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Lateral Heel Skive

About:
A heel skive is a slope on the superior lateral heel of an orthotic frame and its shape is similar to an elongated oval. This slope begins from the lateral heel cup and declines medially
to the foot’s sagittal plane. This creates a valgus wedge effect within the heel cup. The angulation of the slope is consistent while the depth of the skive can be chosen on a practitioner’s selection and its diameter can range from 2-4cm depending on foot size.

This modification is created by removing material from a positive model or within the design of a CAD model.

Note: In order for this modification to be effective, an extrinsic post is required. If no extrinsic post is paired with this modification, the rearfoot of the orthotic will be unstable.

Hide/show illustrations

Lateral Heel Skive

About:
A heel skive is a slope on the superior lateral heel of an orthotic frame and its shape is similar to an elongated oval. This slope begins from the lateral heel cup and declines medially to the foot’s sagittal plane. This creates a valgus wedge effect within the heel cup. The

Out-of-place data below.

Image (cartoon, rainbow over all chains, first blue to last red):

angulation of the slope is consistent while the depth of the skive can be chosen on a practitioner’s selection and its diameter can range from 2-4cm depending on foot size.

This modification is created by removing material from a positive model or within the design of a CAD model.

Note: In order for this modification to be effective, an extrinsic post is required. If no extrinsic post is paired with this modification, the rearfoot of the orthotic will be unstable.

Hide/show illustrations

Lateral Heel Skive

About:
A heel skive is a slope on the superior lateral heel of an orthotic frame and its shape is similar to an elongated oval. This slope begins from the lateral heel cup and declines medially to the foot’s sagittal plane. This creates a valgus wedge effect within the heel cup. The
angulation of the slope is consistent while the depth of the skive can be chosen on a practitioner’s selection and its diameter can range from 2-4cm depending on foot size.
This modification is created by removing material from a positive model or within the design of a CAD model.

Note: In order for this modification to be effective, an extrinsic post is required. If no extrinsic post is paired with this modification, the rearfoot of the orthotic will be unstable.